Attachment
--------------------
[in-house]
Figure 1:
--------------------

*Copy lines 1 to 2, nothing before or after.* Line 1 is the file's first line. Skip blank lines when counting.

[in-house]
Figure 1: